When it happens, it cannot be taken back. A running punt to a puppy will completely color attempts to Pet the Dog later, but if you start with a gentle stroke, then some people may get the wrong idea about your villain. Then again, a Bait the Dog moment may subvert this...or it might itself serve to show the complex, multifaceted Hidden Depths of that character.

If this happens in a musical, it can be in "I Am" Song format.

Subtropes include Bitch Alert, Moral Event Horizon, Incoming Ham, and Newcomer Saves the Day. See also Establishing Series Moment. May overlap with AM/FM Characterization.

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Examples:

    Asian Animation 
  • In the first episode of Happy Heroes, the very first thing Doctor H. is seen doing is to go through a junkyard to find pieces of broken technology to repair, establishing that he is a mechanic. A later scene in the same episode also establishes his crush on Miss Peach by having him develop a Crush Blush while watching a TV show featuring her.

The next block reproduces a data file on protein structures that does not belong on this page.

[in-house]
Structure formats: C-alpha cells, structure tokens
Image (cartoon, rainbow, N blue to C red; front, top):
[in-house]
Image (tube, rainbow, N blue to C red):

• In the first episode of Pleasant Goat and Big Big Wolf, Weslie has to drag Paddi to school because he's still sleeping, establishing Paddi as a lazy character.

    Podcasts 
  • Jemjammer: When describing their characters in the first episode, the first thing Maq says about Cacophony is her giant bosom. Vicki points out that this is very indicative of both Cacophony's character and Maq herself.
  • The Adventure Zone: Balance: Lup's proper introduction is at a scientific press conference, where she veers off topic and calls out someone who owes her money, and then performs a Mic Drop despite Davenport's pleas not to. This gives the audience a good idea of her personality, and how much she is like her brother Taako.

    Web Animation 
  • The Emperor's first lines in If the Emperor Had a Text-to-Speech Device pretty much tell you all you have to know about him.